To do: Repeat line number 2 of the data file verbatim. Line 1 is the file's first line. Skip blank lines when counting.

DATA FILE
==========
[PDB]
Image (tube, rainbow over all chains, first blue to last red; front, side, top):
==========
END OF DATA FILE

Image (tube, rainbow over all chains, first blue to last red; front, side, top):